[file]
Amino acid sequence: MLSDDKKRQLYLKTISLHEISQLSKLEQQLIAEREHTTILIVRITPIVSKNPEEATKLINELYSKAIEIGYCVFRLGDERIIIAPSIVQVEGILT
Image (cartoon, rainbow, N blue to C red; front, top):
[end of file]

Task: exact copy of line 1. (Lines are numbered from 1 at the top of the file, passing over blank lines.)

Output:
Amino acid sequence: MLSDDKKRQLYLKTISLHEISQLSKLEQQLIAEREHTTILIVRITPIVSKNPEEATKLINELYSKAIEIGYCVFRLGDERIIIAPSIVQVEGILT